7 Surefire Things Any Parent Can Do To Have Less Stress and More Joy in Daily Life


Do you ever get exhausted with the day-to-day stressors of parenting?

Me too.

Let’s be honest: sometimes parenting can feel like 80% work and only 20% fun.

Lately I’ve been in a parenting funk.  Feeling tired of the daily grind.  Not appreciative of my kids’ unique personalities.  Not taking time to connect.   Not getting outside everyday.  Working too much (see my serious work face below and note wrinkles of consternation between my eyebrows!)…and yes, I've been letting the kids sit on screens for way too long. (Yup…I admitted it.)

 See my serious work face above and note wrinkles of consternation between my eyebrows!

See my serious work face above and note wrinkles of consternation between my eyebrows!

I told a friend how tired I felt and she asked me a simple question: “Are you drinking enough water?”

When I thought about it, I answered truthfully: “No.”

Very simple self-care practices can have a big impact on our day-to-day happiness and health as parents.  Here’s a short list of super-obvious things that will make us all happier and healthier parents:

  1. Drink water!  Dehydration will affect your energy and your mood.  Find it hard to drink enough water?  Using a straw has been noted to help increase liquid intake.  In our home, we all started drinking more water when we got a Sodastream carbonator to make fizzy water right at home.  Adding fruit or citrus is always a nice change too.  
  2. Eat healthy whole foods during the day.  A good strategy that works for me is to eat healthy during the day and let myself splurge on dessert at night (ice cream, chocolate, whatever gives you your fix!).  During the day, focus on vegetables especially, because none of us seem to eat enough vegetables.  Opt for easy-to-grab healthy snacks- an apple with some peanuts is my personal favorite.  My favorite website for GREAT healthy snacks you can make at home is Angela Liddon's ohsheglows.com.  I highly recommend her cookbooks- they are my go-to for healthy recipes… and she also has lots of recipes for sweet treats that aren’t as bad as traditional desserts.
  3. Exercise.  It’s Sir Richard Branson’s #1 tip for improving productivity, and it can help you be a better parent too.  Personally, I’ve never been athletic.  I was always the last one chosen for the kickball team in elementary school.  I’m clumsy, uncoordinated, and never exercised until college.  Since then, I’ve dabbled in running, yoga, swimming, and hiking.  I still love to do all of these things, but 9 months ago at 40 years of age, I started taking CrossFit classes at Grassroots CrossFit in Berkeley.  I quickly realized: 1.) I wasn’t in as good of shape as I thought I was, and 2.) Vigorous exercise is key to being the best parent you can be.  I feel stronger, more alert, and more aware of my own body.  And I’m proud of myself- since I’ve never been an “athlete”, going to CrossFit is (still!) very out of my comfort zone.  Accountability is key- so find a friend to exercise with, or enroll in a group class.  I promise, if I can do it, you can!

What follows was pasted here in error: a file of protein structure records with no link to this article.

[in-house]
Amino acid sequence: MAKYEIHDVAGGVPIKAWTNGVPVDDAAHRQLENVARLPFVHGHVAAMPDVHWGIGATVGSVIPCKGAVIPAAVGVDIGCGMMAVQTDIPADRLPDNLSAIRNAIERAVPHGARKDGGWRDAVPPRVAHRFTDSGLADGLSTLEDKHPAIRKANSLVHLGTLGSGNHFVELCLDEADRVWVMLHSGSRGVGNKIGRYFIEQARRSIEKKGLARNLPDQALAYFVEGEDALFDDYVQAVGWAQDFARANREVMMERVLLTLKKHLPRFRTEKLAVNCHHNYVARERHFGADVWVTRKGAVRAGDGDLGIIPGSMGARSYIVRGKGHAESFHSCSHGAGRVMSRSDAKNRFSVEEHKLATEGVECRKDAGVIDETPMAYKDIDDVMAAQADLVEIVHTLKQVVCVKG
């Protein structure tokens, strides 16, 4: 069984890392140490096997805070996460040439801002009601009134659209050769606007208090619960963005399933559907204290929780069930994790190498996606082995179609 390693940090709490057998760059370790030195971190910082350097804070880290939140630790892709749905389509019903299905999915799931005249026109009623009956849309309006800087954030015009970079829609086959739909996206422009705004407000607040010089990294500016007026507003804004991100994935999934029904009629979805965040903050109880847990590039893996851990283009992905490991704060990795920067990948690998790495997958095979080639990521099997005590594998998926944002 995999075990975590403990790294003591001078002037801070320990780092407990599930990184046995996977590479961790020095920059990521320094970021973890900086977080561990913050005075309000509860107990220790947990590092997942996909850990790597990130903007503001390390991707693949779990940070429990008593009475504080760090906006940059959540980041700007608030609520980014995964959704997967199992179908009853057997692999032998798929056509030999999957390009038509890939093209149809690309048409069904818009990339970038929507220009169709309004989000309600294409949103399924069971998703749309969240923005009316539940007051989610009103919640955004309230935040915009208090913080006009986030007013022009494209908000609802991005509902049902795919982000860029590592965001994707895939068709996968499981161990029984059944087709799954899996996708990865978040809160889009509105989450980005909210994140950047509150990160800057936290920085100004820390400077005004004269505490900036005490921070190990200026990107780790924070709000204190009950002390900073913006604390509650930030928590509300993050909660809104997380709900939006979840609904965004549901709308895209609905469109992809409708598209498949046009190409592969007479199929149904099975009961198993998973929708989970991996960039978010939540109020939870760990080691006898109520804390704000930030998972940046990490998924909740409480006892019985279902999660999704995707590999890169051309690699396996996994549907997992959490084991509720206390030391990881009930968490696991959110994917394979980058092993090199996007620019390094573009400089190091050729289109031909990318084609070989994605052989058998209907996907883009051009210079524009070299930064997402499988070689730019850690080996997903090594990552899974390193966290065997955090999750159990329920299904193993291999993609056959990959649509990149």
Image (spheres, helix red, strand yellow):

4. Feed your soul.  Take time daily to read spiritual books, to reflect or journal, and/or meditate or pray.  Even 5-10 minutes of spiritual practice a day can vastly impact how you approach challenging situations in your daily life.  No time?  Pretend you’re using the bathroom, lock the door, and just take a few minutes to calm your mind with some mindful breathing
  5. Aim for daily time outdoors, preferably in nature.  Gardening, going for a walk, taking the kids to the playground, or ideally, going to a nature area where you can unwind for a bit, even with the kids.  Walking in nature allows the frontal lobes- the “thinking areas”- of the brain to rest, quieting our rumination and worries about everyday life.  Also, a daily dose of vitamin D from the sun may have antidepressant effects
  6. Continually remind yourself that your children are….well, CHILDREN.  They have brains and bodies that are nowhere near fully developed.  Recent research indicates higher level thinking areas of the brain don’t mature until well into our 20s.  Our children have many years left to grow and develop into mature adults who live on their own and contribute in meaningful ways to society.  I often remind myself of this in trying moments, and it (sometimes...not always!) gives me an extra boost of much-needed patience.
  7. Re-frame your thoughts into a positive mindset.  Being a realist by nature (read: negative!), I have to consciously re-frame my thinking much of the time.  How we think affects our day-to-day reality, and "training" your brain to think more positively can have a cascade of positive effects on your parenting.  
TipsLaura Figueroa